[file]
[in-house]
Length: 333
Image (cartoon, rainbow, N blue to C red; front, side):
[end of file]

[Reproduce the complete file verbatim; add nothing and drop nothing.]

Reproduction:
[in-house]
Length: 333
Image (cartoon, rainbow, N blue to C red; front, side):